The rise of the platform business

Understanding the pivotal role of platforms for corporates and start-ups alike.

Laure and Benoit Reillier are co-founders of Launchworks, an ‘expert platform’ that specialises in helping organisations on their digital transformation journey. Last year, they published ‘Platform Strategy’, a handbook to ‘unlock the power of communities and networks to grow your business.’ The book was based on many fascinating insights from their combined experience of working in leading tech and dot-com companies.

Since the industrial revolution, most businesses have been modelled on the traditional value chain in which raw materials are transformed into products and sold at a margin. But in the last 20 years, we have seen the emergence of a new type of platform businesses, such as eBay, Amazon, Apple, Facebook, AirBnB and Uber.  In fact, two thirds of the total value of the 270 global ‘unicorns’* are platform businesses.

The core of these businesses is in harnessing the power of communities. Apple doesn’t only manufacture iphones, tablets and computers, it also provides an incredible marketplace for apps. Amazon, as well as being an online retailer, is also a gigantic marketplace for other sellers.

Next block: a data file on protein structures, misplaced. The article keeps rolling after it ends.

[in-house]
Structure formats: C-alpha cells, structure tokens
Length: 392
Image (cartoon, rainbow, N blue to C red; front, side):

Running a platform business is like running two businesses at the same time. Whether it is ‘buyers and sellers’ or ‘users and producers’, each side will have its own value proposition and the trick is to grow both sides at the same time to achieve critical mass. This can be a hard thing to do, known as the ‘chicken and egg’ challenge. As Laure neatly described the problem: ‘it’s no fun being the only person on a dating site’.

What all successful platform businesses have in common is a business model that attracts, matches, connects and enables people to transact. Instead of a value chain, it creates an entire ecosystem.

Platforms are not binary. It is not always necessary to turn your business into one. Apple and Amazon have both demonstrated that it can be successfully combined with a traditional model.

According to Benoit, the biggest risk is ‘running the wrong software in your brain’. The mind-set you need is about being open, not closed; influencing, not controlling; co-creating rather than producing. Millennials completely ‘get it’ when the Board doesn’t!


* A unicorn is a privately held start-up company valued at over $1 billion.